Content of the study program
By using the Top Global University Project (SGU), I undertook study abroad for approximately four months at Carnegie Mellon University, in Pennsylvania, America. During my stay, I was accepted in a research group led by Dr. Kris Kitani of the Robotics Institute and Dr. Chieko Asakawa of IBM Research, where I worked on research supporting people with visual impairment.
We proposed and set up a movement support system for people with visual impairment, the purpose of which was to avoid collisions between visually impaired people and pedestrians in crowded environments. We conducted an evaluation experiment in which the proposed system was actually used by visually impaired people at an international airport and confirmed that the number of collisions between pedestrians and the visually impaired people was reduced substantially through the use of the proposed system. Furthermore, although the period I was supported by SGU was three months, my stay was extended by a further three weeks (the cost of the stay was covered by the local laboratory), and I submitted the details of our research in a paper to CHI, the greatest international conference in the field of human-computer interaction. Although it was a short stay of four months, it was thanks to the generous support of the local researchers, that I was able to achieve everything from the proposal of the system through to writing the paper, as an entire research project. (The paper was selected by CHI without issue, and is scheduled for presentation in Glasgow, Scotland in May 2019.)
My experience abroad
To me, this was my first experience of staying a long time overseas, not to mention of living alone. Fortunately, I have many seniors in my lab in Japan who have experience of living overseas for long periods, and because the support in the SGU program was comprehensive, I was able to carry out my advance preparations without any problems. Even after I arrived at my destination, I was blessed by support from the people around me, and could spend my time comfortably, with no inconvenience. Pittsburgh is a somewhat lacking in terms of tourism, and there are few temptations, so it is the best environment for throwing myself into research. If I had just one recreation, it was the beer that is produced by small breweries, called microbreweries (what we call ‘craft beer’ in Japan). There were two other researchers in the lab that love beer, so with them, I would go around the breweries whenever we had to stop our research for some reason (in particular, the beer I drank when research stopped, such as after the evaluation experiment ended, was exceptional). (The photograph shows me healing my fatigue from daily research with some delicious Pittsburgh beer).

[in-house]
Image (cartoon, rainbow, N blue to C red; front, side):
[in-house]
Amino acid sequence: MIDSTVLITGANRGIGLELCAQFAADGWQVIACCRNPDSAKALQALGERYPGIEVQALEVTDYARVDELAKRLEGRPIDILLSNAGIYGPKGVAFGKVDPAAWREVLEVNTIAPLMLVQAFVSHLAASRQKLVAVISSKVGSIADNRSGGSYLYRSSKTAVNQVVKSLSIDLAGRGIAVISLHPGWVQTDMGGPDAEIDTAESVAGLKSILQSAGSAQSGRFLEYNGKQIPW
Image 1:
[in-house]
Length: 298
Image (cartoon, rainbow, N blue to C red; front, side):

Influence on my future career
Before my study abroad, I intended to find employment after I graduated from my Master’s course, and never considered candidacy for advancing to a doctoral course. However, during my stay, I was asked numerous times by various people “are you interested in going onto a PhD?” and began to think about it as an option. I think the fact that I was able to have this experience of advancing my research together with world-class researchers, and submitting a paper to a top conference, has had a substantial impact on me.
I am extremely grateful for the support I received from SGU for my stay. I was able to dedicate myself to my research activities without harbouring any financial concerns, thanks to the support of the SGU program. It was impressive, in that every time I spoke about the details of the support I was receiving, at my destination, those around me were surprised at the level of generosity. It was not only monetary support either; I am grateful as well, to the kind support of everyone at SGU, beginning with Mr. Ikeda. Without this support, I feel I would not have been able to realize this stay overseas. I ask that you continue this kind of support system into the future, so that many more students are given the chance to be actively involved in research abroad.